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1861 __ The universal telegraph
Comment : “. (The wire of one friend may be placed in communication with that of another, or in fact with any person who rents a wire. It may be that the friend may dwell in another part of the kingdom, in which case before sending a message, it would be necessary to h)“By combining beforehand different lines in this manner, two different persons may converse together across the island, sitting in their own drawing rooms; nay, only by extending the connection of these lines with the submarine cables across the seas, a person may converse with his friend travelling day by day at the other end of the globe, provided only that he keeps on some telegraphic line that is continuous with the main electric trunk-lines of the world.”.“This may appear to be an idle dream, but that it will certainly come to pass we have no manner of doubt whatever.”. (Andrew Wynter, MD, ‘The Nervous System of the Metropolis’, in ‘Our Social Bees’, 1861)The Universal Private Telegraph Company was projected on September 20, 1860 to acquire Charles Wheatstone’s patent of 1858 for his perfected magneto-electric dial apparatus, the easily-operated Universal telegraph, a neat single instrument. to “carry out a system by which banks, merchants, public bodies and other parties may have the means of establishing a telegraph for their own private purposes from their houses to their offices, manufactories or other places”. One of the first acts of the Board was to engage in an Agreement with the Electric Telegraph Company, with its immense network of public circuits; this complex seven-year arrangement was signed on September 3, 1861. Its clauses stated the strategic ambitions of the two companies; 1] the Universal was to operate private wires in cities and towns, it would not allow the wires of any other company on its premises, and it was to transcribe messages from its private lines to the public system only through the Electric’s circuits. 2] In return the Electric would accommodate the Universal’s clerks and instruments on its premises but would not be responsible for any costs. Messages would be transcribed at the Electric’s current rate and all such income would be retained by the larger company; equally all revenues from private lines and instruments would go to the Universal company. 3] Unless the Electric agreed otherwise the Universal would not engage in public telegraphy or in third party agreements for service; in return the Electric would not engage in private telegraphy other than for government service which it was obliged to do under its Acts. 4] The Electric undertook to match the rate for any foreign messages transcribed from the Universal’s circuits to the lowest available. Private subscribers were only able to specify another company’s foreign route if were to be quicker to the destination. However, foreign press despatches and newspaper messages could be sent by any route or company. 5] The Electric Telegraph Company agreed “to support and assist the Universal Private Telegraph Company, other than by pecuniary means”. [...] Even before the Company’s creation the Universal telegraph instruments had been installed on internal circuits at newspapers in London, by Reuter in his foreign news agency and by the City Police. The earliest new subscribers for rental of a private wire in London included, in April 1861, S W Silver & Company, Bishopsgate to Silvertown; Ravenhill & Salkeld, engineers and shipbuilders, Ratcliffe to Blackwall; the ‘Daily Telegraph’, Fleet Street to Russell Square (the owner’s residence) and the Thames Graving Dock Company, Silvertown; in September 1861, Pickford & Company and Chaplin & Horne, the carriers, and Bass & Company, the brewers, from their City premises to Camden Town railway goods depot; in March 1862, J Reuter, Royal Exchange Buildings to the offices of ‘The Times’, ‘Daily Telegraph’ and ‘Morning Star’ newspapers; and in July 1862, the Zoological Society of London, Middlesex Water Works and Price’s Patent Candle Company. [...] The first contract for a private telegraph outside of London was agreed with Reid & Ewing, muslin and calico printers, of Maryhill, Glasgow, on October 23, 1860, to connect with their city office in George Street. In October 1861 the Company was canvassing for private wire customers in Manchester, the centre of the cotton trade and manufacturing in Britain and was engaged in building its first aerial cables there. [...] From the beginning the Universal Private Telegraph Company classified its instruments as Communicators (transmitters), Indicators (receivers) and Bells (alarms). Each type had a separate number series in the Instrument Account. Originally they were separate instruments, but by 1863 Augustus Stroh had combined the Communicator and Indicator into a single instrument, with its own Bell. The functions continued to be accounted for individually as private users requested separated instruments, particularly more alarm bells. Also Wheatstone’s magnetic bells were used to provide acoustic signals in mines and factories, as they had on the railways previously. The Company also provided switches to combine more than one circuit and tested relatively complex switch-boards, designed by its engineer Colin Brodie, to interconnect multiple circuits. (Steven Roberts, “Distant Writing - A History of the Telegraph Companies in Britain between 1838 and 1868”, 2010)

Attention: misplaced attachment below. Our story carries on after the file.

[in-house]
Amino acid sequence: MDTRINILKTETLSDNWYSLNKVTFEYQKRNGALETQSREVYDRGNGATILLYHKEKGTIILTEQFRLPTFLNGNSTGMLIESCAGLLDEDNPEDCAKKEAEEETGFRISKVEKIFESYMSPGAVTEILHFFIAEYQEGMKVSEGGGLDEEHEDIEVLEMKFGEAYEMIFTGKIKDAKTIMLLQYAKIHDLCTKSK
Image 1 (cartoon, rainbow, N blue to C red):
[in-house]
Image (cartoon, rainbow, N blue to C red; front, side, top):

Urls : http://distantwriting.co.uk/privatetelegraphy.aspx (last visited )

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